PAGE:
The generation of high-energy, dense and collimated photon beams is of great interest both to fundamental and applied research. An international team of physicists led by Matteo Tamburini of Christoph Keitel’s Division at MPIK has demonstrated that a pulsed, ultrarelativistic electron beam crossing a sequence of thin aluminium foils both self-focuses, therefore increasing its density, and efficiently yields a collimated gamma-ray pulse with more photons per unit volume than electrons in a solid. After passage of 20 foils, more than 30% of the electron beam energy is converted to gamma rays. This occurs because the strong electric and magnetic fields accompanying the ultrarelativistic electron beam are “back-reflected” as the beam crosses the foil surface. Similar to an electromagnetic wave colliding with a mirror, the reflected magnetic field is nearly the same as the beam magnetic field, whereas the reflected electric field has the same amplitude as that of the electron beam but opposite direction. As a result, at the foil surface, the total electric field acting on the beam is nearly zero, while the total magnetic field is nearly doubled. This strong azimuthal magnetic field focuses the electron beam radially, and consequently triggers collimated high-energy photon emission.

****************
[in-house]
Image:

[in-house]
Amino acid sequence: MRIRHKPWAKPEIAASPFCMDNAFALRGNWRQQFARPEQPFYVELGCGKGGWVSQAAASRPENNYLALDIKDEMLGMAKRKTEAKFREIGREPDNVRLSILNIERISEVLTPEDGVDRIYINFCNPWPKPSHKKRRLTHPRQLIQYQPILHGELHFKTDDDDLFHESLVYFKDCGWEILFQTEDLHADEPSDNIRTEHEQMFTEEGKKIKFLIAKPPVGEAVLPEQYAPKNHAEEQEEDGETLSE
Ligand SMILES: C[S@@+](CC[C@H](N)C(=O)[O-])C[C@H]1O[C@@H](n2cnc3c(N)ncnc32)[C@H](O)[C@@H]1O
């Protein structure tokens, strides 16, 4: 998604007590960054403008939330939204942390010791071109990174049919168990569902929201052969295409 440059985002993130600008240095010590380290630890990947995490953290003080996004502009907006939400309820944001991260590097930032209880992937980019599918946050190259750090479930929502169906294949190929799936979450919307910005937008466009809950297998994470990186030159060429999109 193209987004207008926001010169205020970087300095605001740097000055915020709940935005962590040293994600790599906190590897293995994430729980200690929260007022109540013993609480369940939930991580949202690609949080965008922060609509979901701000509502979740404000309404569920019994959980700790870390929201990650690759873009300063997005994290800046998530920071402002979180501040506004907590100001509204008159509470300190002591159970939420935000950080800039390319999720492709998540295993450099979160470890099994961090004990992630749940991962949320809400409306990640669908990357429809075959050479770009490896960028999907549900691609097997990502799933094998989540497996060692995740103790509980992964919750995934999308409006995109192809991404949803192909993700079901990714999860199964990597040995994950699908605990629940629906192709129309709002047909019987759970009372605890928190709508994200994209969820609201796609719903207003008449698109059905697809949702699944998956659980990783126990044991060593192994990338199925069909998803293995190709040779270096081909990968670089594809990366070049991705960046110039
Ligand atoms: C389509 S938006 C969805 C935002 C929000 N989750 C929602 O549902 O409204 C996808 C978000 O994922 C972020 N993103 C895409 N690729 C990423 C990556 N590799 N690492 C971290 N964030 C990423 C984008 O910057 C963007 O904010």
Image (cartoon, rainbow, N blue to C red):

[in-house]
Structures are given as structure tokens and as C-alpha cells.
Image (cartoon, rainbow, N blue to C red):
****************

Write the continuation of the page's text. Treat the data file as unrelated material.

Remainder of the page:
Such extremely dense beams enable physics studies of matterless photon-photon interactions ranging from matter-antimatter creation from light, light-by-light scattering and searches of possible new physics in the interaction of photons with yet undiscovered particles, to laboratory astrophysics studies. Here, dense neutral relativistic jets of electron-positron pairs are generated from the dense gamma-ray pulse. In turn, these dense electron-positron jets enable unprecedented studies of the collective processes that shape high-energy astrophysical environments such as gamma-ray bursts and blazar jets, therefore providing insights into these exotic systems.
Extremely Dense Gamma-Ray Pulses in Electron Beam-Multifoil Collisions, A. Sampath, X. Davoine, S. Corde, L. Gremillet, M. Gilljohann, M. Sangal, C. H. Keitel, R. Ariniello, J. Cary, H. Ekerfelt, C. Emma, F. F., H. Fujii, M. Hogan, C. Joshi, A. Knetsch, O. Kononenko, V. Lee, M. Litos, K. Marsh, Z. Nie, B. O'Shea, J. R. Peterson, P. San Miguel Claveria, D. Storey, Y. Wu, X. Xu, C. Zhang, and M. Tamburini, Phys. Rev Lett. 126 (2021), DOI: 10.1103/PhysRevLett.126.064801